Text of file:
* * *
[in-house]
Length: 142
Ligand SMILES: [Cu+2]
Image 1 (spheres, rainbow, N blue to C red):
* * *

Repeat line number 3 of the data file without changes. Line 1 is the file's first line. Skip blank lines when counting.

Ligand SMILES: [Cu+2]